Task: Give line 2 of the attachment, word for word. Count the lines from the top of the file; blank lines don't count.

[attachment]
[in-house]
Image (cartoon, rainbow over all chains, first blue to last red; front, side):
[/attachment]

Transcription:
Image (cartoon, rainbow over all chains, first blue to last red; front, side):